January 13, 2006
by Ric Sweeney
It was going to be soooooo easy. Hire an offensive-minded coach. Draft Reggie Bush. Stock up on offensive linemen in the draft and free agency. Jettison Charley Casserly to some remote peninsula on some undiscovered string of islands in some long-forgotten body of water and viola! With just a few tweaks this offseason, our 2-14 train wreck of a team was going to get back on the road to respectability.
And then Vince Young had to throw a monkey wrench into the proceedings.
Now the Texans’ offseason is being threatened by a tidal wave of burnt-orange rhetoric. Joining the committee to appoint Vince Young the Greatest Human Being in the Universe of Ever is the Houston Better Draft Vince Young (heretofore, the Greatest Human Being in the Universe of Ever) Or Else campaign.
If you haven’t yet noticed, Longhorn alumni tend to be vociferous, opinionated and quite passionate about their alma mater. They’re also endlessly obnoxious and insufferable. They’re obnoxiously insufferable. And you’re going to hear from them a lot in the months leading up to the draft now that their savior has decided to go pro. And I mean a lot.
I know this because it won’t be the first time they’ve made their presence known concerning the local football team. They seem hell-bent on turning the Texans’ roster into some kind of postgraduate extension of their university.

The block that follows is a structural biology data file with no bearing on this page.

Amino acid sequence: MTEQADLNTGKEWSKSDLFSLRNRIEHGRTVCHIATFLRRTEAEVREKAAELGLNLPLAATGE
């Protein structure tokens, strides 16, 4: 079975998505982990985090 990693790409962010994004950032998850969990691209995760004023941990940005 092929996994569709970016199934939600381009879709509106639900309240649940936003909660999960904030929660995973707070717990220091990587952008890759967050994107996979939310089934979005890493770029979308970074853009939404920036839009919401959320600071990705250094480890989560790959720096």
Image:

I first came upon their lot in 2002 when more than a few of them were convinced taking a seventh round flier on their Rudy-like quarterback, Major Applewhite, would help generate interest in the NFL’s newest franchise, as if generating interest was a concern for the team back in those waywardly innocent times. They were back at last year’s draft, in much greater numbers, jumping up and down when Longhorn Derrick Johnson fell into the Texans’ lap and the team passed, making Charley Casserly public enemy number one within Austin city limits.
While the Applewhite nattering bordered on asinine, I’ll be the first to admit that their seemingly endless rants about Johnson had more than a twinge of legitimacy, considering he had been a really productive college linebacker, and the Texans’ linebacking corps remains, to this day, one of the worst units in the entire history of football. Or the world. But they wouldn’t let it go. They then roared back to life months later when Houston had the audacity to release former Texas wideout Sloan Thomas, marking the first time in NFL history that any fan had ever debated how to fill the 53rd spot on a team’s roster.
But those were mere tune-ups for the Vince Young onslaught. Like a band of PETA zealots, they’re threatening to spill burnt orange all over our swanky proceedings in an attempt to drown out all rational thought and debate. Vince Young is the pick. Period. End of discussion.
Of course, what’s funny about all their blathering is that while they wage an endless campaign to make Young the Texans’ second franchise quarterback in four years, they seem completely oblivious to the fact that Young’s departure from their beloved campus makes defense of their cherished national title about as likely as Johnny Carson guest-hosting The Tonight Show this year. But they’ll jump off that bridge and sink to the bottom on the Brazos River later. For now, they have a quarterback to over hype, and they will stop at nothing to see Young validate their own existence by being the first pick in this year’s draft, using any and all means necessary to make it happen: intimidation, hyperbole, lying, belittling.